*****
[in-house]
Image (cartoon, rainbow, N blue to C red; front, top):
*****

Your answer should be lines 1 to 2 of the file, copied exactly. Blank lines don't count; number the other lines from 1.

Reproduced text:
[in-house]
Image (cartoon, rainbow, N blue to C red; front, top):